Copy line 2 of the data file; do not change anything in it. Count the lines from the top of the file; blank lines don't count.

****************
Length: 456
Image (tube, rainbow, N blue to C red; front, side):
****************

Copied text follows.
Image (tube, rainbow, N blue to C red; front, side):